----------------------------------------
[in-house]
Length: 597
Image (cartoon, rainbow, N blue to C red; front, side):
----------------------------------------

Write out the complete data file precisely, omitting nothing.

[in-house]
Length: 597
Image (cartoon, rainbow, N blue to C red; front, side):